- Will enact tougher sanctions on migrants, involve the UK in further illegal wars in the Middle East and trigger an increase in racism and Islamophobia.
- Extend zero hours contracts, thus massaging the unemployment figures and leaving thousands of the poorest people without any job security.
- Legislate for more private schools which will imbed the class system even deeper in our society, rather focus on improving our state schooling system.
- Escalate and accelerate the privatisation of the NHS, so medical care will depend on wealth and power rather than need.
- Then redraw constituency boundaries so these same corrupt capitalist elitists stay in power for another 20 more years.
And the Labour Party, which should have been standing and campaigning against all this, crumpled into a Tory Lite modelled in the image of war monger and former leader Tony Blair.
Just over 18 months ago I had turned my back on Labour as a real alternative and joined Left Unity in a vain attempt to change things.
But outside the Labour Party the Left is too splintered and divided to succeed electorally, rather than uniting to defeat the greed and corruption of capitalism.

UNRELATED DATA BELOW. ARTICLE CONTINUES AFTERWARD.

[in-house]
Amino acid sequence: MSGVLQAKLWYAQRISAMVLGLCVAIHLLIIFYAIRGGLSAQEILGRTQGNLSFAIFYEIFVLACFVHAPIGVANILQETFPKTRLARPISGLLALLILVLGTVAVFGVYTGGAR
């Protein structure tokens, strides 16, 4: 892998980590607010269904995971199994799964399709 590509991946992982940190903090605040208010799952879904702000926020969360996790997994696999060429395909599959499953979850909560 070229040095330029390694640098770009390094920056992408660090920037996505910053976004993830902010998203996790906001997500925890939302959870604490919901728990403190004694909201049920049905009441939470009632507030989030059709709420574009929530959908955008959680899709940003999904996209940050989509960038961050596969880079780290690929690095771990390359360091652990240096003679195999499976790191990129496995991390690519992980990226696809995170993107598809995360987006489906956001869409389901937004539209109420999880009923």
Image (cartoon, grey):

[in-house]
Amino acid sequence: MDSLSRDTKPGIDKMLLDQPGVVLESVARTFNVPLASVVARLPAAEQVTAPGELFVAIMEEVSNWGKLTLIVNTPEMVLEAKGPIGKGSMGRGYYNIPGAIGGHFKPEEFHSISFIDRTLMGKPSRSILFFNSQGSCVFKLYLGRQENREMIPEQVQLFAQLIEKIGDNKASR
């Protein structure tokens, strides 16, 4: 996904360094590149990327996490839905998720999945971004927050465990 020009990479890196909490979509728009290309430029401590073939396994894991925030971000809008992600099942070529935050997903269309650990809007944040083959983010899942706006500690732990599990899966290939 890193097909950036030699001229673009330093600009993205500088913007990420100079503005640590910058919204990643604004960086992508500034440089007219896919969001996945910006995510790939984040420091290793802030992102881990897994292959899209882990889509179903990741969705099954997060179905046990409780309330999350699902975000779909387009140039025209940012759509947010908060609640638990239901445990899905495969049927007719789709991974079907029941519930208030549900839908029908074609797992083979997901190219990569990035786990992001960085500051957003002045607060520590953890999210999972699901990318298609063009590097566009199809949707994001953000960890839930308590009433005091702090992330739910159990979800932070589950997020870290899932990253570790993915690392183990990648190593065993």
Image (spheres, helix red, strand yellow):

Following Cameron’s election victory I said the Left “must begin now to unify around a leader or leadership we can all trust, organise and start the fightback, or we wave farewell to hope for a fairer and better future.”
Well the fightback has now really begun.
And I must admit I never thought it possible.
But we had a hint that it may be possible by the political events in Scotland. There the electorate woke up to years of Tammany Hall politics and Establishment lies and en-mass elected 56 SNP MPs dedicated to social justice, welfare, investment and non-nuclear proliferation.
But other than the SNP standing candidates in English and Welsh constituencies, how could a similar popular uprising spread south?
Well along came Labour back bencher and peace campaigner Jeremy Corbyn – the rank outsider, who only just managed to get the 36 nominations from MPs needed to stand in the leadership election.